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Hundreds of citizens of the Yakama Nation ousted five tribal council members over allegations they didn’t stop subordinates from misusing tribal funds and retaliated against tribal employees who raised concerns about misspending.
The recalls came during special General Council meetings held Thursday and Friday, attended by hundreds more than the 250 people required to meet the quorum necessary to take up the issue. Tribal citizens voted to remove five council members, including Chairman Dean Saluskin and Vice Chairman Virgil Lewis.
The recalls came after whistleblowers Matthew and Joshua Hoptowit and three others who weren’t named in an ethics board investigation accused department managers in the tribe’s Land Management Division of misusing tribal funds. The allegations led to an investigation that faulted the tribal council’s Roads, Irrigation and Land Committee for failing to investigate or stop misspending by the Land Management Division, which the council committee oversees.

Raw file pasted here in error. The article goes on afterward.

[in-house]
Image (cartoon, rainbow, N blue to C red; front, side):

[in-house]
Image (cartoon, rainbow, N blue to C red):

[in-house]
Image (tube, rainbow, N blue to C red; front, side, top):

Three of the council members voted out — Dana Miller, George Selam and Raymond Smartlowit — were members of that committee, which the Code of Ethics Board found to have committed “nonfeasance, misfeasance and malfeasance” for failing to failing to properly oversee use of tribal funds by the nation’s Land Enterprise department. The tribal ethics board determined the spending by tribal employees in question to be “unauthorized at best and fraudulent at worst.” It also faulted the council members for not fully cooperating in the investigation.